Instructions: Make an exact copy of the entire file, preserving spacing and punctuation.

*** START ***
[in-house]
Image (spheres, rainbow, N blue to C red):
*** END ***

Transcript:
[in-house]
Image (spheres, rainbow, N blue to C red):